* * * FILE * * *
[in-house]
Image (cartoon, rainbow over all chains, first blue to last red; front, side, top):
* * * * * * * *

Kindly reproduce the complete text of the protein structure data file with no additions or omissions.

[in-house]
Image (cartoon, rainbow over all chains, first blue to last red; front, side, top):